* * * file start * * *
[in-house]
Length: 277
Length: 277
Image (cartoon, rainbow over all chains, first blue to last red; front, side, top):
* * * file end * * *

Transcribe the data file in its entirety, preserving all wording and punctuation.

[in-house]
Length: 277
Length: 277
Image (cartoon, rainbow over all chains, first blue to last red; front, side, top):